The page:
> + fillRect(QRectF const&, QBrush const&)
> Yep, that's it. Of all those inconsistent overloads (missing 4 taking 4
> floats, by the way...) only 2 are ever useful. The other 10 can be safely
> discarded without impacting the expressiveness.
> Now, of course, the real question is how well a tool could perform this
> reduction step. I would note here that the position and names of the
> "coordinate" arguments of "fillRect" is exactly that of those to "QRect";
> maybe a simple exhaustive search would thus suffice (though it does require
> semantic understanding of what a constructor and default arguments are).
> It would be interesting checking how many overloads remain *after* this
> reduction step. Here we got a factor of 6 already (should have been 8 if
> the interface had been complete).
> It would also be interesting checking if the distinction int/float often
> surfaces, there might be an opportunity here.
> -- Matthieu
> Alexander Tsvyashchenko wrote:
>>> So far I can imagine several possible answers:
>>> 1. "We don't care, your legacy C++ libraries are bad and you should
>>> feel bad!" - I think this stance would be bad for Rust and would hinder its
>>> adoption, but if that's the ultimate answer - I'd personally prefer it said
>>> loud and clear, so that at least nobody has any illusions.
>>> 2. "Define & maintain the mapping between C++ and Rust function
>>> names" (I assume this is what you're alluding to with "define meaningful
>>> unique function names" above?) While this might be possible for smaller
>>> libraries, this is out of the question for large libraries like Qt5 - at
>>> least I won't create and maintain this mapping for sure, and I doubt others
>>> will: just looking at the stats from 3 Qt5 libraries (QtCore, QtGui and
>>> QtWidgets) out of ~30 Qt libraries in total, from the 50745 wrapped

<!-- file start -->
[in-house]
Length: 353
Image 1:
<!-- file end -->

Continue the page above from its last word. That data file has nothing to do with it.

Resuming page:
>>> methods 9601 were overloads and required renaming.
>>> Besides that, this has a disadvantage of throwing away majority of
>>> the experience people have with particular library and forcing them to
>>> le-learn its API.
>>> On top of that, not for every overload it's easy to come up with
>>> short, meaningful, memorable and distinctive names - you can try that
>>> exercise for http://qt-project.org/doc/qt-4.8/qpainter.html#fillRect
>>> 3. "Come up with some way to allow overloading / default parameters"
>>> - possibly with reduced feature set, i.e. if type inference is difficult in
>>> the presence of overloads, as suggested in some overloads discussions
>>> (although not unsolvable, as proven by other languages that allow both type
>>> inference & overloading?), possibly exclude overloads from the type
>>> inference by annotating overloaded methods with special attributes?
>>> 4. Possibly some other options I'm missing?
>>> Good luck! Alexander
>>> Rust-dev mailing list
>>> Rust-dev at mozilla.org
>> Rust-dev mailing list
>> Rust-dev at mozilla.org
> Rust-dev mailing list
> Rust-dev at mozilla.org
-------------- next part --------------
An HTML attachment was scrubbed...
More information about the Rust-dev